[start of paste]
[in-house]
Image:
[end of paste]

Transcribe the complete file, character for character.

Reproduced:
[in-house]
Image: